One of my favorites quotes from a case, and I am sure others in the construction industry feel the same way or can relate, is from the District of Columbia Court of Appeals in Blake Construction Co., Inc. v. C.J. Coakley Co., Inc., 431 A.2d 569, 575 (D.C. 1981):
We note parenthetically and at the outset that, except in the middle of a battlefield, nowhere must men coordinate the movement of other men and all materials in the midst of such chaos and with such limited certainty of present facts and future occurrences as in a huge construction project such as the building of this 100 million dollar hospital. Even the most painstaking planning frequently turns out to be mere conjecture and accommodation to changes must necessarily be of the rough, quick and ad hoc sort, analogous to ever-changing commands on the battlefield. Further, it is a difficult task for a court to be able to examine testimony and evidence in the quiet of a courtroom several years later concerning such confusion and then extract from them a determination of precisely when the disorder and constant readjustment, which is to be expected by any subcontractor on a job site, become so extreme, so debilitating and so unreasonable as to constitute a breach of contract between a contractor and a subcontractor.
Do you agree with this sentiment? The reality is that retrospectively analyzing delay on a complicated construction project with numerous moving parts on a day-by-day, hour-by-hour, basis is no easy feat. It is not easy for the parties and certainly not easy for courts to unravel. With every party claiming delay based on a retrospective analysis there will be another party with either a different delay analysis or providing credible cross examination as to flaws with the delay analysis. The same bodes true with loss of productivity / inefficiency claims and the particular case-specific facts are important, preferably with evidence such as photos, videos, notifications, daily reports, manpower reports, etc., supporting the facts. But the facts are complicated, and the delay analysis is complicated, and it is a difficult task for a trier of fact to unravel these facts.
This case dealt with a dispute between a prime contractor and a fireproofing subcontractor. The subcontractor claimed its work was hindered for a variety of reasons. In other words, the subcontractor was impeded from working efficiently and it was incurring unanticipated costs – the hallmark of a lost productivity or inefficiency claim. The subcontractor sent notice to the prime contractor that it would be suspending its operations and did exactly that resulting in the prime contractor completing the subcontractor’s scope of fireproofing work. A lawsuit arose and the trial court found the prime contractor liable to the subcontractor. The trial court found the prime contractor breached implicit obligations in the subcontract as it (i) did not provide the subcontractor a clear and convenient work area that impeded the subcontractor’s work causing the subcontractor to incur additional sums, (ii) failed to reasonably sequence the work, and (iii) provided bad supervision as other trades damaged in-place fireproofing due to poor scheduling and certain space heaters belonging to the subcontractor were stolen. See Blake Construction, supra, at 576-77 (“We are persuaded therefore that the trial judge properly concluded upon this record that these acts collectively and individually constituted a breach of implicit conditions for performance by [the prime contractor] under the subcontract.”).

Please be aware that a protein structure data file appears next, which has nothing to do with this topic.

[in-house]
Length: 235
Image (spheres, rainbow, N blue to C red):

The appellate court also agreed with the trial court as to the inapplicability of the no-damage-for-delay provision in the subcontract finding delays resulted from active interference “largely due to [the prime contractor’s] improper work sequencing.” Blake Construction, supra, at 579.
The appellate court also found that the measure of damages to be awarded to the subcontractor from the prime contractor “is properly calculated by taking the cost of partial performance incurred [by the subcontractor], which was $598,666.75, and subcontracting therefrom the payment received to date by [the subcontractor] from [the prime contractor], which totaled $242,100. The difference between these two figures is $356,566.75, and constitutes the damages for which [the prime contractor is] liable to [the subcontractor].” Blake Construction, supra, at 579.
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